Why Excessive Sitting Is Killing Your Back

Back pain is one of the leading causes of injury, and research suggests that 90 percent of people are going to experience back pain at some point in their lives. Oftentimes people tweak their back during athletic activity or exercise, but a lot of us are actually doing more damage to our backs when we’re sedentary. That’s because millions of Americans sit a lot throughout their day.

Think about your average day. If you work in an office, you may spend more than half your day on your hind end. For example, you sit in your car on the way to the office, you sit at your desk for hours on end then you remain seated when you drive home. Maybe you work in some activity when you get home, but if you’re like most Americans, your night involves parking down on the couch to read a book or watch some TV.

And that’s not the worst of it. It’s not just that we’re sitting all the time, it’s that we’re sitting incorrectly, and that’s putting a lot of pressure on our spine.

That’s because sitting puts nearly twice the stress on the spine as standing does, and slouching forward only exacerbates the problem. When you hunch forward, it pushes your back into the dreaded convex or “C” shape. It also fatigues and overstretches ligaments in the back, which can cause pain. Poor posture also hurts your back by tightening and shortening your hip flexor, which limits pelvic rotation and can increase load bearing on your back.

Combating Poor Posture

If you ignore the warning signs of back pain, you may just end up on the operating table. Here are some tips to keep your back and spine in good shape.

Move – Moving is key to great back health. Stand up and straighten your back every 15-30 minutes, and consider doing routine work activities while standing. Take that phone call while standing or install a standing workstation to keep pressure off your spine.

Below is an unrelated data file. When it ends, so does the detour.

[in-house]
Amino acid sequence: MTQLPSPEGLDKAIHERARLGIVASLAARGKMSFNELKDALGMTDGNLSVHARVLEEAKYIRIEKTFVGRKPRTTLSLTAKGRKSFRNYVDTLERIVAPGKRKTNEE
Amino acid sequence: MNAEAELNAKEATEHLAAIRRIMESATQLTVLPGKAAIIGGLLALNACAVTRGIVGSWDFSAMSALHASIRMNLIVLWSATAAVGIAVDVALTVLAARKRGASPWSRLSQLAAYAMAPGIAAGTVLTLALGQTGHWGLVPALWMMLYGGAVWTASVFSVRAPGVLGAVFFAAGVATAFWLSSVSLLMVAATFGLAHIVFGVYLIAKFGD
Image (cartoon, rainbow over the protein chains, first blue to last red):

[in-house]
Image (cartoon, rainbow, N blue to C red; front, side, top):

Focus – Our bodies naturally start to slouch after long seated periods, but you can combat poor posture by reminding yourself to regularly check your posture. You can’t correct your posture if you aren’t aware that you’re sitting inappropriately, so make a mental note to check your posture.

Chair Position– Our chair position can contribute to poor posture. If your chair is far away from your computer, or you have it set too low, you’ll naturally begin to slouch forward. Keep your chair up at an appropriate level and you won’t be inclined to lean forward.

Stretch – Along with moving, stretching and exercise is key to keeping your back healthy. It strengthens muscles, builds flexibility and it allows our vertebrae and disks to get the nutrients they need. Make sure you stretch your back out after long sitting periods, and try to add an hour of moderate exercise to your daily routine.

If those modifications don’t work, and anti-inflammatory medications don’t take care of the problem, speak to a processional. You may be dealing with a condition that requires surgery or a related intervention technique.

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